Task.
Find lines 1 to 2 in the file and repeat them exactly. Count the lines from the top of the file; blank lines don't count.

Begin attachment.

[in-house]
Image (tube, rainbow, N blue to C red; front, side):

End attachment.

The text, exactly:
[in-house]
Image (tube, rainbow, N blue to C red; front, side):